Wednesday, February 16, 2011, 9:24 AM

Budget Time But Will The CFBP Be Touched?

Posted by: Chris Jones

The Super Bowl is over; in Egypt the street cleaners are out in force; the rest of the Middle East is smoldering; Iraq and Afghanistan are relatively quiet for the moment; and credit card debt jogged up a bit more in January than expected while defaults dropped. In other words, the news cycle is wide open, which can only mean that its budget time! Ahh, yes, the wonderful week long buffet of pundits and politicians talking all money all the time (Google is showing 71 news articles available in real time right now).
Of course, one of the main topics of any "cut" conversation is the Dodd-Frank Act and the House majority's intent to preclude implementation-related spending, which Bloomberg reports could reach as high as $6.5 billion.
Much of this cut-related clamour is fairly focused on Dodd-Frank provisions that extend beyond consumer finance regulation. However, it is fair to say that the Consumer Finance Protection Bureau is in the cross-hairs...or is that really even possible? Current estimates are that the 2011-12 budget for the Bureau will be around $450 billion (give or take $50 billion), which is calculated as a set 10% of the Federal Reserve operating budget. That means the CFPB's budget is likely beyond direct Congressional control, except that Dodd-Frank does contain a provision allowing for the CFPB to request a couple hundred million more from Congress in budget appropriations starting in 2013 (so the House could whack those requests, assuming that the party in control doesn't change in 2012). The CFPB's allotted percentage is set to increase to 13% in fiscal year 2013, by which time the1,225 "new" hires at CFPB should be in place and working to propound, investigate and enforce a new world of rules and regulations. And, yes, this budget dwarfs other consumer protection-related budgets such as those enjoyed by the FCC and SEC, but then the CFPB assumes responsibility for regulating, investigating and enforcement for several existing federal agencies, including the FDIC, FCC, OCC, HUD and other reasonably important agencies.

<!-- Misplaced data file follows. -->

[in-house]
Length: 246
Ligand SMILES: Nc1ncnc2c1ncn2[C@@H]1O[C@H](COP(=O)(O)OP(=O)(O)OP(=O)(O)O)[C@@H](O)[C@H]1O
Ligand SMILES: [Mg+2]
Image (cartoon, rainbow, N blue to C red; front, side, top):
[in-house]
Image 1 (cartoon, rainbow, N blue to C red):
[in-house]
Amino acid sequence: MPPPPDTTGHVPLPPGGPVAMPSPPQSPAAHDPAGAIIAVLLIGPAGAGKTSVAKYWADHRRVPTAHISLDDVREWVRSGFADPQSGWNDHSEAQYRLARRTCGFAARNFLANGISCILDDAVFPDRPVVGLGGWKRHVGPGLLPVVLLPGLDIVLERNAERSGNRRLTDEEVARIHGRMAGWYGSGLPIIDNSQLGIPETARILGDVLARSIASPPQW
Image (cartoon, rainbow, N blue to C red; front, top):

What is interesting is this: As with several of the most important hires to date, many, if not most, of the rank and file at the CFPB will undoubtedly be moving over from existing posts at existing agencies whose consumer protection responsibilities will be assumed. Many of those agencies, such as the SEC and FDIC are clearly affected by other Dodd-Frank provisions, but we have not seen word one about any offset associated with the fact that so many at the CFPB will not really be "new" federal hires. In fact, at this point it is a bit unclear just how "new" the Bureau will be when juxtaposed against its amalgamative characteristics. Curious.


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